When Carrie worked up the nerve to tell her she was pregnant, Laurallyn felt sick, as if her own daughter were talking.

"That's where I felt failure," she says, still driving. "As a person and as a system, I should have done more."

She says she looked at Carrie and thought, What have I not given you?

"I don't feel like someone has failed me," Carrie says. "I'm grateful I was put into foster care. I'm content with the life I've had."

Laurallyn's mother taught her how to be a mom in small ways. By leaving biscuits in the kitchen before she went off to work. By buying her a skirt at Dillard's for the first day of school. Laurallyn was there for Carrie when she needed something, but she wasn't there to put her hair in a ponytail every morning, didn't read to her or teach her to drive.

The system taught Carrie everything she needed to know about life. But it couldn't teach her what a mother does.

Carrie doesn't know what it's like to ride in a minivan like this to band camp with a pack of friends. To have one real solid parent, much less two.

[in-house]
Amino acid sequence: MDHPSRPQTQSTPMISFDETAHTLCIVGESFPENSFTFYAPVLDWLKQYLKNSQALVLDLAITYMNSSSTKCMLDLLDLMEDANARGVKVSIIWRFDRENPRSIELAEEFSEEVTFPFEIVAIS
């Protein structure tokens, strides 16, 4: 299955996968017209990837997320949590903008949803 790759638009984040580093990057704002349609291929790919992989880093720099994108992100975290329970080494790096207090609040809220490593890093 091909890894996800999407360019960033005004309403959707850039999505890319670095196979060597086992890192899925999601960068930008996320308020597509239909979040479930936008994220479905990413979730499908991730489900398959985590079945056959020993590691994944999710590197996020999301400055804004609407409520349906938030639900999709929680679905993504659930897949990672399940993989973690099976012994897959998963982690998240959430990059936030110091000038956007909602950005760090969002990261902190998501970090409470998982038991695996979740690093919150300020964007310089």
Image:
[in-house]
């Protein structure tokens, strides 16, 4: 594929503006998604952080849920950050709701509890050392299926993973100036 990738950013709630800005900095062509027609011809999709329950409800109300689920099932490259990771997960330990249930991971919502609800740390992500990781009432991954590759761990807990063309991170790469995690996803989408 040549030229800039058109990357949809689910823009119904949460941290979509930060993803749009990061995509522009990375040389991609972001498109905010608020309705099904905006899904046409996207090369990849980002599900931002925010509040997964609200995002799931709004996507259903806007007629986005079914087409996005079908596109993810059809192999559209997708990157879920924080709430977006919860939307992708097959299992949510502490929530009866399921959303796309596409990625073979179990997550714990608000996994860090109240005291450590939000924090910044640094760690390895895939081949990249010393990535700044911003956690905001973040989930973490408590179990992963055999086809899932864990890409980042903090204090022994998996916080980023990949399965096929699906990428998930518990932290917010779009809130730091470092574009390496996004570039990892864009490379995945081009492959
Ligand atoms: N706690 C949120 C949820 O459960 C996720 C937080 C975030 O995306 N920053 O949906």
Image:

"You're content with the life you knew," Laurallyn tells her. "We're just the system, Carrie. We're the system."

"That doesn't matter," Carrie says. "That's my family."

Carrie said something about a condom mishap, but Laurallyn knows she wanted this baby. She wanted another family, a permanent one. Lots of foster kids have babies young. Laurallyn doesn't have numbers on it, but she knows it's true.

It's easy for those babies to end up back in the system, because it can be hard to learn to hang on when you spend your life learning to let go. It can be hard to let someone need you.

"I don't know what the hell a mother does," Carrie says.

The loving part will be easy. Laurallyn taught her to buy diapers at Sam's Club, not Publix. She knows about Desitin and Dreft.

But can she shape a child into the person she should become? What are the Brownies, and should her child join them? Can she still go to heavy metal concerts if she pumps her milk first? She talks to her stomach and hopes the answers will come.

Laurallyn thinks Carrie will be okay because the social workers refuse to let her not be okay.